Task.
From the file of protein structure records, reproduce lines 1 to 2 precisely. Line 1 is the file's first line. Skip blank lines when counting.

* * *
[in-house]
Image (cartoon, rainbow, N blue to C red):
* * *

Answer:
[in-house]
Image (cartoon, rainbow, N blue to C red):